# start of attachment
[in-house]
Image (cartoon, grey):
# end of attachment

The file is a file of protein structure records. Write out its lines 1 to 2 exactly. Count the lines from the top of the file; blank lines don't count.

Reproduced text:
[in-house]
Image (cartoon, grey):